Toddler Killed by Wild Dogs At Pittsburgh Zoo Exhibit Should Make Us Question Zoos

wild dogsA toddler boy visiting the Pittsburgh zoo somehow managed to fall into the wild dog exhibit and be ripped to shreds while his helpless mother watched from above. The horrific tragedy happened on Sunday and within minutes the story was everywhere with many questioning exactly how the little boy fell into the exhibit in the first place.

It's a good question. Wild "painted" African dogs are about the size of Labrador retrievers, weight about 37 to 80 pounds and are most dangerous in a pack. In this case, 11 dogs attacked the boy, though it is unclear whether he died from the fall or from the attack as yet.

One thing is clear: None of this should have been possible. A woman trying to "give her child a better view" should not have been able to drop him into the exhibit.

Of course, there are questions. Why did the mother not jump in after him? Understandably it happened in a matter of a seconds and the dogs were on him immediately. But imagining myself in that scenario, I can't imagine I would not make the (probably stupid) choice to jump right in and beat off the dogs.

Or maybe not.

Obviously, I can't judge the mom. I don't have any understanding of what that must have been like for her. What I can judge, though, is the zoo. For many reasons.

First of all, zoos are generally just controversial. The last dog -- a species considered endangered -- was shot because of this incident. It's not really the dog's fault. He was not a domesticated dog. He was a wild African beast who should probably be roaming in his native land, not on display for a toddler to be eaten.

Even more to the point, why was a mother able to drop her child into the exhibit? I have been to a thousand zoos from San Diego to Cincinnati and around the world and never once do I remember seeing an exhibit where it was possible to "accidentally" fall into a cage. Sure, someone who WANTED to scale a fence could do so. Stupid people do that regularly. But on "accident"? That just seems wrong.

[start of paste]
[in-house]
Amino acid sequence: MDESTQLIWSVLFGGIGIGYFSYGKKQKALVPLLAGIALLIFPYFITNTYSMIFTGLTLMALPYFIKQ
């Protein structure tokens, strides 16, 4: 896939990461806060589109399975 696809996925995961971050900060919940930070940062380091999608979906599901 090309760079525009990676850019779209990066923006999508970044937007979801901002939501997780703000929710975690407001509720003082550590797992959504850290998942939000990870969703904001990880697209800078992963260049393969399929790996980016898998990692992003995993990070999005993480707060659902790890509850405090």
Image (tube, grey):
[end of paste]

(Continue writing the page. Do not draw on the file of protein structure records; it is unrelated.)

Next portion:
Maybe we was wiggling. Maybe the mom was holding him in a bad way. Maybe she should not have been holding him in the way she was at all. But really, he should not have been able to fall into the exhibit. Until it is clear how this happened, I will place blame on the zoo.

The poor grieving mom, who screamed for help so loudly she was heard all over the park, is not the first person I would blame. This story is everything that is wrong with zoos.

Painted dogs are not an "exhibit." They are wild animals capable of great destruction. As parents, we trust the zoos to know that and keep us safe. How did this happen? It is unimaginable and my heart breaks for that poor mom.

Do you think this is the zoo's fault?


Image via Mister-E/Flickr



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Tendr... TendrelovinMaMa

I wouldn't have had my toddler where ever he was to look at the dog especially since it seems to be in an open area. I am extra cautious at the zoo. Plus I would have immediately jumped in after. And fought like hell to protect my baby. It should be a animal instinct instilled in every mother. I would lay my life down for my son instead of just watching in horror. She could have saved him or attemped to.

Angie Hayes

Why do they always kill the animal in these situations. If your going to kill an animal because it killed a human, you should probably put them all out of their misery because many of the animals on this planet would kill us. Except cows and chickens, and we eat them.